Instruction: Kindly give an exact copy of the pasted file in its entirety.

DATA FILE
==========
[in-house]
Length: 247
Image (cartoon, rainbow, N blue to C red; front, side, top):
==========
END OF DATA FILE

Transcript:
[in-house]
Length: 247
Image (cartoon, rainbow, N blue to C red; front, side, top):